Reading Series brings Maxine Hong Kingston
Writer Maxine Hong Kingston read from her new novel, The Fifth Book of Peace, in Thomas Great Hall on October 7, taking questions from the audience afterwards and signing books for a queue of people that stretched around the perimeter of the hall. The second event in the Creative Writing Program's 2003-04 Reading Series, Kingston's reading was sponsored by the Lucy Martin Donnelly Women Writers Series Fund. The creative writing program opened with a reading on September 30 by Poet Robert Pinsky, t he U.S. Poet Laureate from 1997 to 2000.



New psychology facility
After winter break, Bryn Mawr's psychology department will settle into a new home with state-of-the-art teaching and research facilities.

The College is funding the project with proceeds from a bond issue, individual gifts, and foundation grants as part of the "Challenging Women" campaign.

Bettws y Coed (Welsh for "Chapel in the Woods") is being renovated and expanded to create laboratories, classrooms, and offices for undergraduate and graduate programs in psychology as well as office space for the Education Program.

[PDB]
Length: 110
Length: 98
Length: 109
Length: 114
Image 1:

Although the undergraduate psychology and graduate programs in human development merged in 1992 to form one department, offices for its seven tenure-track faculty and one laboratory lecturer have been split between buildings at opposite ends of the campus.

Clinical and developmental psychology have been located in West House, along with the Phebe Anna Thorne nursery school, while physiological, cognitive, and social psychology have been in Dalton Hall.

"Students will now have the experience of one department with a unified perspective," said chairman and professor of psychology, Leslie Rescorla. "They will have increased interaction with graduate students. Faculty will value being together and having opportunities for more cross fertilization of ideas."

The department, which also offers a concentration in Neural and Behav-ioral Science, sees psychology as a broad and diverse discipline that encompasses the perspectives of both natural science and social science. "Issues of how mind, body, and culture interact to shape human experience are central to psychological inquiry here," Rescorla said.


From left: the new three-story addition to Bettws y Coed under construction and an architect's rendering of the completed facility. Built in 1913-14, the Colonial Revival house has stood vacant for 10 years. It was last used as a faculty residence.

Bryn Mawr also coordinates its offerings with Haverford's department, which emphasizes different fields of psychology. Bi-co students benefit from being able to take courses, major, and do research at either campus.